Granted, very few charities have been set up by former Prime Ministers. But the Blair case was, at its heart, about the sharing of data between affiliated organisations: something that seems likely to affect far more charities than requests to appear in political party election manifestos.

It would be interesting to hear charities’ views on which of the cases they found more relevant.

Read more on Was the Charity Commission right not to publicise the findings of its investigation into the Tony Blair Africa Governance Initiative?…

Should think tanks be charities at all?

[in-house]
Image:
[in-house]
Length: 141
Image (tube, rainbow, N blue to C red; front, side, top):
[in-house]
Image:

There are some senior figures in the Conservative Party who are not very keen on campaigning charities. Oliver Letwin, now Minister of State at the Cabinet Office with the role of providing policy advice to the Prime Minister, was more vocal than most about this before the election.

There is a certain irony, then, surrounding the case of Atlantic Bridge, an educational charity which was set up by Liam Fox, the Secretary of State for Defence, and has had Conservative luminaries including the Foreign Secretary, William Hague, on its advisory board.

The irony comes because this week’s regulatory report by the Charity Commission on Atlantic Bridge leaves the indelible impression that this is a campaigning organisation. It devotes itself to advancing a version of the ‘special relationship’ between the UK and US that was in the ascendant in the Thatcher-Reagan years.